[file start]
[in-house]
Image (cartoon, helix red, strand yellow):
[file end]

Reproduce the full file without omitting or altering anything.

[in-house]
Image (cartoon, helix red, strand yellow):